Work management systems: at your side to help you overcome your business’s day-to-day challenges

Today, we’re going to talk a critical aspect of your business: work management. It is a critical aspect of managing your business, and there is a huge difference between managing your own time and that of a team of individuals. If some people can suffer from stress related to managing their heavy work schedule, just think about having to be responsible for managing your team’s time and performance as well.

Fortunately, technological advances these days are directly proportional to the challenges we’re facing. Currently, there are a number of methods and systems that can provide you with a more precise level of control over your work management requirements, while helping you to avoid any possible mistakes during the process. While the implementation of a labor management system can often be complicated, there no doubt about its contribution to modernizing a company’s management.

A Machiavellian system, even now

Studies regarding work management systems have been going on for centuries. In his seminal political treatise, The Prince, the Italian diplomat and political theorist Niccolo Machiavelli argued that fear was the most efficient way of getting workers to carry out their tasks quickly. The curious thing is that, more than 400 years later, some organizations still use this strategy.

Antonio César Amaru Maximiano, a professor and researcher at the University of São Paulo, notes the contemporary recurrence of micromanagement. In his book, The General Theory of Administration: from the Urban Revolution to the Digital Revolution, Professor Maximiano takes a close look at organizations and leaders that employ coercion and who, even now, use their stature and position of influence to pressure employees into submission. Insecurity and inability to deal with conflict is often the cause of leadership of this nature. Naturally, management models such as this cause employees to fear for their jobs and financial security, leading to stagnation, both of the individual and the company as a whole.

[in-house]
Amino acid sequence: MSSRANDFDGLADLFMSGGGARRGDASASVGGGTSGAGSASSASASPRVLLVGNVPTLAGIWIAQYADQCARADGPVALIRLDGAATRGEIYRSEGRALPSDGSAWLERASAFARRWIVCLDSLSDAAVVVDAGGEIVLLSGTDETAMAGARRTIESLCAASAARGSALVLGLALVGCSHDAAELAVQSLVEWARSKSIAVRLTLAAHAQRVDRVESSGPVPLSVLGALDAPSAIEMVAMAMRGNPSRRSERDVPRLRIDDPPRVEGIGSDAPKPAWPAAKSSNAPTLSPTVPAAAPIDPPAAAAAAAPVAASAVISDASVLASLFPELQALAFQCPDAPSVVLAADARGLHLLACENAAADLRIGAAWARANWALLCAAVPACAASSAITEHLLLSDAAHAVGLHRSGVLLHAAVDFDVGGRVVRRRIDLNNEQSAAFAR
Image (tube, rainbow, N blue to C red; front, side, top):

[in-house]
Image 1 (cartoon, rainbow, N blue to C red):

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The evolution in the way people worked in the 20th century

Though we began today’s post talking about Machiavelli, the truth is that much of what constitutes modern work management practices appeared in the twentieth century. It was during that time that organizations were forced to undergo a profound transformation in their culture, as management strategy was radically altered.

We can divide this transformation into three different periods:

1. The Classical Industrial Era

Up to the mid-1950s, industrialization grew at a vertiginous pace throughout large parts of the world. It was during this period that organizations adopted a bureaucratic organizational model, known by its pyramidal, centralizing structure.

At the time, companies assigned job positions in a fixed and definitive manner with the aim of obtaining the maximum possible output from each worker. In other words, employees were trained to perform one set task or function, to wring the most productivity and profit out of each worker. Management almost always saw employees merely as a supply of raw labor, needed to operate machinery.

2. The Neoclassical Industrial Age

After World War II, a period began that lasted from 1950 to 1990, in which profound changes in the workplace and daily life started to appear at a rapid clip. Commercial transactions which had once been local, became regional, while regional transactions became international. These changes led to a significant increase in the level of competition between companies.

During this period, organizations started to focus more on encouraging innovation, a strategy that had the two-fold advantage of defending companies’ existing market niches while simultaneously increasing their reach vis-à-vis competitors. Therefore, technological development provided the conditions for companies to produce a variety of products and services on a large scale. The result: the classical model became obsolete.

3. Information Age

In the 1990s, evolution in the corporate sphere began to proceed even more rapidly, spurred by the increasing reach and influence of the internet. Economies, which were already international, became global. Companies had to place greater importance on human and intellectual capital. Before then, the production of wealth was largely based on the manufacture and exploitation of natural resources.